Movado Group: Keeping Good Time
Movado Group appeals to shoppers' taste for high-end watches -- and the luxury lifestyle those timepieces represent. The company is expected to generate double-digit percentage sales growth this year, benefiting from the willingness of consumers to pay up for luxury goods -- such as watches priced in the thousands of dollars. But investors don't have to pay through the nose to invest in Movado. In fact, Standard Poor's analyst Jason Asaeda says the stock looks like a bargain.
The Paramus, N.J., company is well positioned in the global luxury goods market. Its brands cover a wide price range, from the ultra-expensive Ebel and Concord names to its entry-level Swiss brand, ESQ. Movado plans to spend heavily on new products and marketing this year. And it aims to build on the reputation of the Movado brand through its namesake boutiques, which sell jewelry as well as watches.
In addition to the brands the company owns outright, Movado has licensing partnerships to sell watches under various premium, high-growth fashion brands, including Coach, Tommy Hilfiger and Hugo Boss. It's planning to launch a new collection of Hugo Boss watches in March, and it's developing a high-end Juicy Couture collection.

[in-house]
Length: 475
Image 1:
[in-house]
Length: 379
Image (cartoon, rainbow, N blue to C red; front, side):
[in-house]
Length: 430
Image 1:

The company is also expanding in foreign markets, such as China, Japan and Europe. SP says that continued expansion in selected markets should offer some protection should spending weaken among U.S. consumers.
Only a handful of brokerage analysts cover the stock (symbol MOV). SP gives Movado its highest, five-star ranking and added the stock to its "top ten" portfolio on Wednesday. The share price, which has more than doubled since January 2003, jumped 5% on Wednesday, to $21. At that price, the stock sells for 15 times SP's earnings estimate of $1.43 per share for the fiscal year that ends January 2007. SP's 12-month price target is $24.